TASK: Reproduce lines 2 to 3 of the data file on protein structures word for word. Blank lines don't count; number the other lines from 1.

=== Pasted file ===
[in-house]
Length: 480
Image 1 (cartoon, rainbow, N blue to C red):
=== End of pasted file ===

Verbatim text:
Length: 480
Image 1 (cartoon, rainbow, N blue to C red):